The discount rate is obviously an attempt to increase the paper's circulation, but at the Total store across Grand Street from Star headquarters, the paper still isn't exactly flying off the shelves.
"People do notice the price," says cashier Cedric Edwards. "They walk in and be like, 'It's $1.25.' But the sales haven't got, like, higher or anything like that because it's $1.25."
Perhaps the paper should consider giving readers the same sort of discount it's offering its own employees. The new single-copy newsstand price is a 17 percent reduction, but Star employees now get a 70 percent price cut on home delivery.
"This year, our focus is on growing circulation," publisher Art Brisbane told his fellow ink-stained wretches in an April 26 memo that had Star staffers blabbing last week. "I believe all employees should subscribe to The Kansas City Star."
Not only is he discounting the already-cheap employee subscriptions; he's reducing employees' parking costs as an incentive and offering a complicated menu of package deals. The bottom line is that those who don't park in the company lot will get the Star for $5 a month, and "the combo price for parking and subscribing will be what you currently pay for your subscription, $8.50 [a month]," the Brisbane memo says.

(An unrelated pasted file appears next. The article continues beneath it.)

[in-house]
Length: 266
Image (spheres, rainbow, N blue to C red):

But the company can't predict how many more employees will sign up for subscriptions that cost regular folks $16.50 a month. Lisa Parks, vice president of circulation, says, "We're not really certain at this point. We're kind of early in the process."
Star staffers can gain more than cheap parking and low-budget news from Brisbane's campaign. They can "Win Big in the Kansas City Star Brainstorm Contest" by coming up with ideas to boost the number of subscribers. The top prize is $5,000; second place is $1,000, and any employee has a chance at sex in the lap of luxury -- everyone who presents a credible idea gets dinner for two at McCormick and Schmick's on the Plaza and a free night at the Fairmont Hotel.